Friday, October 28, 2011

And Now a Few Words in Honour of Vegetables

Grief is like a stitch in your side. You can keep going but you are not pain free. When my brother in law died suddenly this past spring, I got back to the US and managed to speak at his graveside and hopefully provided some comfort for my sister and his mother and family and friends. I kept going but nothing felt right.

As with a stitch, the first pain free breath is a special joy, even if a residual pain lingers. And so it was yesterday afternoon as I looked at the ravaged remnants of my pea crop--wind blasted, frost tinged, black spots of damp among the full pods of peas and, ironically, one hopeful blossom on the end of a wind-wracked stem doubled back on itself. Without thinking about it, I laughed to think what Harold would say about my pitiful crop as I managed to salvage a dozen peas. One of his long suits was his winning way with vegetables. He loved growing them and canning and cooking them. In an earlier blog post I wrote a well-earned love song to the green beans from their garden that my sister spent a fortune to mail to my homesick self.

It took some time to get to know Harold. At first he was welcomed into our family on the strength of his obvious affection for our sister. And that could have been enough, but he gradually revealed more of himself. He was deeply funny. Not the outrageous physical comedy that I'm sure he could do as well, but the irresistible laugh built on his canny, ironic way of looking at the world.

Despite not having had an easy life, he was generous with his talents and whatever he had to offer from hospitality and home grown peaches to the use of his vehicles, and, most importantly, his ability to fix things. I hope he realized how precious his ability to understand the working bits of the world was when he landed in a family more noted for its intellectual than its mechanical abilities. I hope he felt cherished.

He would never have come to Scotland, so he would never have seen my poor excuse for vegetables. And as a boy from Tennessee, he would never ever have understood the climate up here, but the reason for recalling him over the pea patch is not just his own talent with vegetables but for the trait he might have been best noted for--his straight talking. Because he loved me he would have made an apt remark, shaken his head in mock disbelief, and then rolled up his sleeves and helped me tear out the plants. And because I loved him, I'll think of him often, especially in the veg patch.

Wednesday, October 12, 2011

A Purple Door

I have been avoiding it. Talking about the loss of two friends within a fortnight of each other compounded by the still too recent sudden death of my brother in law and another friend terminally ill. I have nibbled around the edges of it by talking to friends in the kind of code one can use with friends. I have had wine and dervish dancing which is my way of burning off the excess energy that grief brings. I have toasted absent friends with a good dram.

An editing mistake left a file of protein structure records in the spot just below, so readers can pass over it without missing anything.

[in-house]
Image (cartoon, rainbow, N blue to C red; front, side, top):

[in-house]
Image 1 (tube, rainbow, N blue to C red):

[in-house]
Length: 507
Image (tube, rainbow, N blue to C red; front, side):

When I found carefully folded into an inner pocket of my camera case the poem I read at my brother in law's funeral: "Because I could not stop for Death,/He kindly stopped for me" there was no room left for equivocating or stalling.
Even so, it has been more than a week since I wrote those words above. My "Tuesday friends" chided me for my absence from my blog. And there amid the laughter and questions about bulbs and cotton thread and teasing a woman who has the rare and precious gift of a new relationship--and some shortbread and a little knitting--I was able to talk a bit more easily. As an extrovert, things aren't quite real or resolved until I have talked them into my life. As I get older the words more often stick. The warmth of my friends helped the knot ease a bit.
And that brings me to Kris's purple door. I am fond of purple, so when Kris spoke about wanting a purple door I could not understand her reluctance, but we all need to strike that impossible balance between our inner selves and the demands of the social world. We need to be different while not looking too different.
These veronica from my garden are the closest I could get to the deep rich purple of the woodland violets of Indiana woodlands that Kris's door always fondly brought back to mind. The last time I saw Kris, knowing it would be the last time I would see her, my sister and I walked with her as she described the flowers on the wooded hill behind her house. My sister, still raw with grief over the sudden loss of her husband, and I, torn between my new home and my old, distilled those precious few moments with Kris.
I am recreating a bit of that Hoosier woodland garden here. Not all of the plants can thrive here, but, like me, some flowers are adaptable and will bloom where planted.
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